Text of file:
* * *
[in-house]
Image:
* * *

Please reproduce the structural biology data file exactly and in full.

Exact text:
[in-house]
Image: